“From the Archives” is an opportunity for various writers to visit the Middlebury Special Collections and write about a different artifact each week. The Special Collections boasts hundreds of thousands of historic items, and through this column we encourage writers to explore not only the college’s history, but also the history of the world around us.
Considering the vastly different experiences of past Middlebury students, it is surprising to come across photos taken during summer language schools in 1961 that depicted eerily similar habits to those of today’s student body.
The black and white photographs show students studying, talking and hanging out in Adirondack chairs on the very lawns we do when the weather allows.
This photograph showing two students of Middlebury’s Spanish Language School reading, one in braille, was taken by the Middlebury College News Bureau, the Institution's official news office. During the same summer, the Bureau took many similar photos of students in other Language School Programs. Below are photos from the French and Italian Language Schools.
Although the first and the third photographs depict scenes of scholarly pursuit, the second depicts another distinctly important feature of socialization at Middlebury: spending leisure time outdoors. Once the weather warms, it's not uncommon to see students sprawled out on blankets, sprinkling the deep green lawn below the Chapel.
Throughout the chilly Vermont winter, we yearn for the days of closing our eyes, reading and talking, enveloped in rays of sunshine. It’s hard not to believe the students in these images must have felt the same way.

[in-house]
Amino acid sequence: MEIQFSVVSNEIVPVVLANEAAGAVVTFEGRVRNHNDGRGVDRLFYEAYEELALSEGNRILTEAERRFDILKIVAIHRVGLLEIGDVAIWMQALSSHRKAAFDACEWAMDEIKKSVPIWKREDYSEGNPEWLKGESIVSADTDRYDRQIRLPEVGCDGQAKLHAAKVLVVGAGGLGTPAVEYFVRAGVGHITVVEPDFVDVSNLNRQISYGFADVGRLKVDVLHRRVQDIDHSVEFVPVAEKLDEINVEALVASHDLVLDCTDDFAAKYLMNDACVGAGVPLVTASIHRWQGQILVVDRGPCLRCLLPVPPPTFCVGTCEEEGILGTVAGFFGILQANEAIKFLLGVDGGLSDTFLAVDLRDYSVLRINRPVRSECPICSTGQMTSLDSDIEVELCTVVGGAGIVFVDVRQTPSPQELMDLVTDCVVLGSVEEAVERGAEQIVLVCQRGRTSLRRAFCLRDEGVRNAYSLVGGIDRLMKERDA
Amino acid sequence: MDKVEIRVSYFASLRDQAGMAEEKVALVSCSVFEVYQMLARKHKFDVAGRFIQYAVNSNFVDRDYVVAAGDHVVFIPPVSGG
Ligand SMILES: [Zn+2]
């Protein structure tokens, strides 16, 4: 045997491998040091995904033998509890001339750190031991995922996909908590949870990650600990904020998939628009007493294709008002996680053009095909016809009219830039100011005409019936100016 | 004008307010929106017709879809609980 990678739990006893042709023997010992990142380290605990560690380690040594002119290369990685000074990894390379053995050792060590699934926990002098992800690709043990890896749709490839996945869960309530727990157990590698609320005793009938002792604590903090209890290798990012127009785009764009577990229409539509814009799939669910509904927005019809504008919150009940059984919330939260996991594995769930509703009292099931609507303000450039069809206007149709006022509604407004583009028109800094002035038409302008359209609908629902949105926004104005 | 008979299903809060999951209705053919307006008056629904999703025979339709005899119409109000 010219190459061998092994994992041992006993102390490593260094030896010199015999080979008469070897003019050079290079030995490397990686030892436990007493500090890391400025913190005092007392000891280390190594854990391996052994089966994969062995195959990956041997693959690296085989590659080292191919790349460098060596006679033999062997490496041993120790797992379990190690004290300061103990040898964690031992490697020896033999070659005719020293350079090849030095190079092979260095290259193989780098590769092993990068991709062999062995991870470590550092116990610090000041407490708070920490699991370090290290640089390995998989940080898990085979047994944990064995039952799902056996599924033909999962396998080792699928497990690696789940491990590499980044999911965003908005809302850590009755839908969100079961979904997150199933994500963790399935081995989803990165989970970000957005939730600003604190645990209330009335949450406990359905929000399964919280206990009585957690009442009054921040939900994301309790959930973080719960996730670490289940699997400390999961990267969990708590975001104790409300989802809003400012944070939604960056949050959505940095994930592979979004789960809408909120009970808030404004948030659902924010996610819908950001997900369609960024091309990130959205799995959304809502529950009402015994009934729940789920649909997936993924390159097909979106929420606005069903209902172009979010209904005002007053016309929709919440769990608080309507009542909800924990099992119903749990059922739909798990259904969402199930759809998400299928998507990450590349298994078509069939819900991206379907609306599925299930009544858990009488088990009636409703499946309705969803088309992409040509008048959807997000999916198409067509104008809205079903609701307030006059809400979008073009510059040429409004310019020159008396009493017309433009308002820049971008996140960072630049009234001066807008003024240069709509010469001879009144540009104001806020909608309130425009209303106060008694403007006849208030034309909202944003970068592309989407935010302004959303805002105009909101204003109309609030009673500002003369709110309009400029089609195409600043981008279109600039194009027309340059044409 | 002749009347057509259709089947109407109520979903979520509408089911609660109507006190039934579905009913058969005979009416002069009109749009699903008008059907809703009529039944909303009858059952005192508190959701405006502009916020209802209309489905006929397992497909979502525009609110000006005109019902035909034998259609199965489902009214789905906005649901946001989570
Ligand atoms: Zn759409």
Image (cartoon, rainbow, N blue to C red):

The selected photos are merely a few amongst many taken during the summer of 1961 that show students working, discussing and relaxing outdoors. They reveal a tried and true way Middlebury students have always utilized the outdoors to make academic work more enjoyable, and an institutional habit to occupy the greenery that engulfs the buildings littered across campus.
The photographs make it evident that the massive lawns and easy access to outdoor spaces facilitate an outdoor-centered culture — one which permeates campus even today. The similarities between the habits of Middlebury students 60 years ago and the current student body emphasize the importance for the College and its administration to listen to the students when they ask for what they need. Such a reckoning came about during the Covid-19 pandemic, when students’ ability to flock to the campus’s lawns and greenery became crucial to their mental wellbeing, and when the administration not only noticed this necessity but took action in providing spaces for students to relax.
As we navigate the trials and tribulations of the modern era, students can derive some comfort from the idea that some good things will hopefully never change.